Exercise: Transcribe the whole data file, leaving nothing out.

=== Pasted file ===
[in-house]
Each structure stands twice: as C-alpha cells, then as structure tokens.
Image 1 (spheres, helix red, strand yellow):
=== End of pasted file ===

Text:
[in-house]
Each structure stands twice: as C-alpha cells, then as structure tokens.
Image 1 (spheres, helix red, strand yellow):